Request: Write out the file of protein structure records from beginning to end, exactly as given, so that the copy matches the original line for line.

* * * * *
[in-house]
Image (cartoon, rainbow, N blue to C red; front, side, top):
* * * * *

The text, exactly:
[in-house]
Image (cartoon, rainbow, N blue to C red; front, side, top):